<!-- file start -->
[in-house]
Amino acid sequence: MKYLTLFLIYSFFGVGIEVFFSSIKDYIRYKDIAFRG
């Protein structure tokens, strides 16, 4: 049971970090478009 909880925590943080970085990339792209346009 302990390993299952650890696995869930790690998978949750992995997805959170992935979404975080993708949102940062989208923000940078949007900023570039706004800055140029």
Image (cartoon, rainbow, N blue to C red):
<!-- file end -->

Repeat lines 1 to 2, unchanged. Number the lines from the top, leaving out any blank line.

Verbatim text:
[in-house]
Amino acid sequence: MKYLTLFLIYSFFGVGIEVFFSSIKDYIRYKDIAFRG